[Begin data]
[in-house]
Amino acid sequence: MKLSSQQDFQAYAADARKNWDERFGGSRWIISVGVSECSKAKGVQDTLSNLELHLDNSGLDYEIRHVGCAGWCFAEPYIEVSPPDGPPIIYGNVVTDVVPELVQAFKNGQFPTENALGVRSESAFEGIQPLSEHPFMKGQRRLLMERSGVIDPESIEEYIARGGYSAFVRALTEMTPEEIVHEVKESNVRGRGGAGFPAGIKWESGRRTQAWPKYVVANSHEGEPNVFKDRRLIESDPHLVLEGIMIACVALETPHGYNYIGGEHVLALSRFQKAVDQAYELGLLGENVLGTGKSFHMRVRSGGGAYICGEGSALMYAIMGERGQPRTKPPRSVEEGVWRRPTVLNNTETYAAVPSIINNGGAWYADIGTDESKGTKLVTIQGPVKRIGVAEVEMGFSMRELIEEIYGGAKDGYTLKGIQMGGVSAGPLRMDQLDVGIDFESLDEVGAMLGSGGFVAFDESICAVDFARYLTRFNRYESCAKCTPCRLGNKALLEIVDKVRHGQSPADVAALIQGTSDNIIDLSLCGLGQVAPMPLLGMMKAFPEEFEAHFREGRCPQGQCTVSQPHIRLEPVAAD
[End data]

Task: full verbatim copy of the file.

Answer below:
[in-house]
Amino acid sequence: MKLSSQQDFQAYAADARKNWDERFGGSRWIISVGVSECSKAKGVQDTLSNLELHLDNSGLDYEIRHVGCAGWCFAEPYIEVSPPDGPPIIYGNVVTDVVPELVQAFKNGQFPTENALGVRSESAFEGIQPLSEHPFMKGQRRLLMERSGVIDPESIEEYIARGGYSAFVRALTEMTPEEIVHEVKESNVRGRGGAGFPAGIKWESGRRTQAWPKYVVANSHEGEPNVFKDRRLIESDPHLVLEGIMIACVALETPHGYNYIGGEHVLALSRFQKAVDQAYELGLLGENVLGTGKSFHMRVRSGGGAYICGEGSALMYAIMGERGQPRTKPPRSVEEGVWRRPTVLNNTETYAAVPSIINNGGAWYADIGTDESKGTKLVTIQGPVKRIGVAEVEMGFSMRELIEEIYGGAKDGYTLKGIQMGGVSAGPLRMDQLDVGIDFESLDEVGAMLGSGGFVAFDESICAVDFARYLTRFNRYESCAKCTPCRLGNKALLEIVDKVRHGQSPADVAALIQGTSDNIIDLSLCGLGQVAPMPLLGMMKAFPEEFEAHFREGRCPQGQCTVSQPHIRLEPVAAD